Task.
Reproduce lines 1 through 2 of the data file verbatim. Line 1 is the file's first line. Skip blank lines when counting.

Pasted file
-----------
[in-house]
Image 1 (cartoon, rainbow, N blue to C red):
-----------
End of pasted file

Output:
[in-house]
Image 1 (cartoon, rainbow, N blue to C red):